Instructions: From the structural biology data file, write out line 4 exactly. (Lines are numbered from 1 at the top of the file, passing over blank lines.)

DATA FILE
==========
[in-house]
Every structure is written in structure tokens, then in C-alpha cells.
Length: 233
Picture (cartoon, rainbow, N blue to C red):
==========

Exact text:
Picture (cartoon, rainbow, N blue to C red):